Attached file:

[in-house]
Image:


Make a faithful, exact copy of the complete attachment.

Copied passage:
[in-house]
Image: